Video Projectors: Choosing the Right Technology
A number of video projector technologies are
available today for use in a home theater—including Liquid Crystal Display (LCD), Digital Light Processing (DLP), and Liquid Crystal on Silicon (LCOS, sometimes called D-ILA).
LCD projectors share many of the advantages and limitations of LCD Panel displays. Inexpensive, low performance, high light output models are widely available. Some higher end “three chip” models achieve high image quality, coupled with high light output. Because of their brightness, LCD projectors are widely used in commercial applications. Very inexpensive models designed for power point presentations in small rooms are sometimes marketed as “home theater” projectors, but produce marginal picture quality.
DLP Projectors use a micro-array of movable mirrors to create an image. They generally have lower light output than LCD models, but typically display better contrast and richer (and more accurate) colors. Less expensive models use a single DLP chip to produce the standard red-green-and blue picture elements sequentially, together with a synchronized color wheel to provide the actual colors. Be aware that some people see color fringing with single-chip DLPs. This is experienced as rainbows in their peripheral vision.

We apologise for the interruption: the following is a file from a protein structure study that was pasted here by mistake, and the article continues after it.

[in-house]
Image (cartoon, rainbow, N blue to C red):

More expensive DLPs models use three chips—one each for red, green, and blue colors—then uses a prism to combine the components into a single light beam. These projectors can produce a much brighter image than the single-chip models, without the possibility of color fringing. Most of the high-performance home theater projectors currently available are three-chip DLP models.
D-ILA (or LCOS) Projectors, a reflective micro-array technology like DLP, uses liquid crystals instead of mirrors to form the pixel display. D-ILA technology provides a rich, cinematic image, with high usable contrast, and high resolution, with reduced spacing between the pixel elements that make up a digital display. Light output (brightness) is typically low—more like a movie theater image—requiring that the room be darkened for best results.
LED Lamps. LED lamps use much less energy and last much longer than incandescent bulbs. So manufacturers have begun to redesign their projector lines, using LED light sources instead of incandescent lamps. Unfortunately, this is not a consumer retrofit project: the projector must be designed for LED technology. Whether projector manufacturers will rename their projectors “LED” when they switch over is yet to be seen. If so, it will add to the confusion. See An Insider’s Guide to Home Theater